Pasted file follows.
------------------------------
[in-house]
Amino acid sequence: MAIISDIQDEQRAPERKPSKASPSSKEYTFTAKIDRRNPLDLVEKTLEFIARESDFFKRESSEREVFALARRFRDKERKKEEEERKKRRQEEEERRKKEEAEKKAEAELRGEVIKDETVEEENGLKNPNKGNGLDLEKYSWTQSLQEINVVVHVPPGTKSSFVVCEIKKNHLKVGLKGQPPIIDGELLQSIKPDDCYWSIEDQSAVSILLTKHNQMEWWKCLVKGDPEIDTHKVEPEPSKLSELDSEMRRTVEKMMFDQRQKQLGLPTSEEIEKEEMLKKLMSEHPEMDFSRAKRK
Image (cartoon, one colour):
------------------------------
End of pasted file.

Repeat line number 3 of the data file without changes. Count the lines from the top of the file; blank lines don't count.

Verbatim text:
Image (cartoon, one colour):